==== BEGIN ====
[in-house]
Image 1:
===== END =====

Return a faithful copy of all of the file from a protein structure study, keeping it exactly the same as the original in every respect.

[in-house]
Image 1: